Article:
15 Jun 2012

Children enduring the ‘boring’ business of being poor

They’re funny old things, poverty statistics. with their flurry of percentages and talk of medians and means.

In isolation, they don’t really give any true sense of what it actually means to be living in poverty.

For families we’ve spoken to over the past few months who are “officially” living in poverty  –  under the current calculation an income of less than  £251 a week – it can mean being terrified of the prospect of having to buy new school uniform or not always being able to make sure the kids have breakfast.

As one mother put it to me : “It’s just  bloody boring , no money, no options.”

The Government has now decided defining poverty on income alone is not enough any more. The Work and Pensions Secretary, Iain Duncan Smith, says that’s too narrow and that it’s led to generations being stuck on benefits.

Interestingly,  he chose to give an example of drug-addicted parents who could be taken out of poverty by being given increased benefits but could spend that money on more drugs.

Yes they might. But as people with drug problems are somewhere around 6 per cent of all benefit claimants, they’re hardly typical.

He was also keen to stress that work is the way out of poverty.  Indeed. But it’s clearly no guarantee though.

DWP’s own figures suggest 58 per cent of children growing up in poverty are in households where at least one member of the family is in work.

The Government is certain it has the answer. The keystone of its welfare reform programme, the new single benefit Universal Credit  will, it promises, lift the “vast majority” out of poverty if at least one parent works 35 hours a week at the minimum wage.

In the current climate, that seems a very big “if”.

Figures from the Institute for Fiscal Studies analysis of the Coalition’s spending and cuts programme, suggest a further 400,000 children will fall into poverty by 2015.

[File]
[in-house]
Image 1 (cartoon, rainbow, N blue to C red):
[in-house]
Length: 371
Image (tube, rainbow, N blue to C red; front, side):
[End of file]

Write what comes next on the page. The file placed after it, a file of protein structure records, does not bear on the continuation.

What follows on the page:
That’s an awful lot of children living a life dominated by the “boring” business of being poor.

Read more:

Minister to change poverty targets

FactCheck: Can the government hit child poverty targets?




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5 reader comments

  1. Philip says:

    IDS is a smug twit who thinks he has a series of nice un c ompliacted solutions to some massively com plex & deep-rooted problems. His solutions are too broad & are essentially “ultra-solutions” which won’t work. Much depends on work being available – but not much work other than part time & on minimum wage is on offer at present, so the whole charade falls over

  2. Andrew Dundas says:

    Are the career prospects of children of poor households below average because their parents lack education, or because there’s something inherent within them that determines their low incomes?
    Post war social history clearly demonstrates that a large proportion of well educated people were the children of poor and weakly educated parents. Which assures us that there’s no inherent reason for perpetuating weak education and poverty. At least not for all children from poor homes.
    Surely our challenge is to develop methods for achieving higher attainments and earning potential of poor families?
    IDS’ analysis and solution suggests he favours the traditional Tory philosophy that the objective of benefits is simply to support poor families. Which is what his mate Michael Gove is seeking to do too.
    Surely we ought to be trying to enable the children of poor families and their parents to become better able to achieve more productive and rewarding lives? Not assigning them to a permanent category of poverty?

  3. kevin goldie says:

    re dispatches programme ‘undercover undertaker’, it seems the co-op has lost the plot!

  4. sinbad says:

    the erosion of benefits and wages(purchasing power) is evident in the inability of even young professionals to buy a house.The process of multiple deprivation and its resultant problems are clearly the responsibility of Governments over the last 30+ years and much more severe problems are in the pipeline for the economy when the present un and under employed and the underfinanced employed have no savings or assets on retirement and ther is no employment for them to replace pensions and benefits

  5. Jac says:

    Undoubtedly “fit” to be bored to death if you’re young, poor, unemployed, ill, disabled, elderly … and disenfranchised.

Comments are closed.